17 December 2009

Listen Up, Senate : Health Care Bill Needs Costs Reduction Amendment

Cartoon from the Chattanooga Times Free Press.

How to save the health care bill:
Add a medical costs reduction amendment

By Sherman DeBrosse / The Rag Blog / December 17, 2009

Dr. Howard Dean, a true progressive and advocate of health care reform has given up on the bill now wending its way through the Senate. He thinks it should be scrapped. It makes too many concessions to the insurance industry, does too little to reduce costs, and will force many to buy health insurance they cannot afford.

However, if the Democrats scuttle the bill, they admit failure and their inability to govern. The election results in 2010 would probably be worse than the perfect storm of 1994.

By passing something now, they establish the principle that all citizens have a right to good health coverage. It has taken seven decades to get most Americans to agree to that basic proposition. Whatever is passed now can be amended later when rising costs force Congress to revisit it.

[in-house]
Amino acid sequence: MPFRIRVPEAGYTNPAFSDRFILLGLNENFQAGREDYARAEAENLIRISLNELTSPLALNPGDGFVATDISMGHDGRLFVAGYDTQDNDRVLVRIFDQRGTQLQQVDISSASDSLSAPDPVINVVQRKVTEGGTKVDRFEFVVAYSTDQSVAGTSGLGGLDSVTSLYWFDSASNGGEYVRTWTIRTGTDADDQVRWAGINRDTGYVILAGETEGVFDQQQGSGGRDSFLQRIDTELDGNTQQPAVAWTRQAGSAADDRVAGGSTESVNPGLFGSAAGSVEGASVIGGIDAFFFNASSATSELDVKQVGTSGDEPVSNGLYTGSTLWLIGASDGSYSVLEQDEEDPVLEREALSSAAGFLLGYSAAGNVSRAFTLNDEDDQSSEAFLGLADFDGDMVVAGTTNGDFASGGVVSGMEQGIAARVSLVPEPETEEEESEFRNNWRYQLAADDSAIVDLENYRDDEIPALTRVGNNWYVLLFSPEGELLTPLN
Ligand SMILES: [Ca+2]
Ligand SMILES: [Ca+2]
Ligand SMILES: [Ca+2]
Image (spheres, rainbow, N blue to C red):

However, progressive Democratic Senators need to make one concerted effort to pass an amendment they might call the Medical Costs Reduction Amendment. If it does not pass, it could be reconsidered as part of the budget reconciliation process because its parts deal with spending and collecting money.

1. At its core would be a provision requiring that a health insurance company’s “medical loss ratio” cannot go below 90%. That means they must spend 90% on actual health care expenses. Anything above that would be subjected to a healthcare excise profits tax. A similar tax would be applied to salaries of everyone in the health care industry.

2. People purchasing insurance in the new insurance exchanges will be able to buy insurance from providers across state lines.

3. Mechanisms will be established for small businesses to combine bargaining power for the purpose of purchasing health care insurance.